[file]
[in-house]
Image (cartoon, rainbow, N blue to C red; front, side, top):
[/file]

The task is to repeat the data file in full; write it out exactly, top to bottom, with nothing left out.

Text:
[in-house]
Image (cartoon, rainbow, N blue to C red; front, side, top):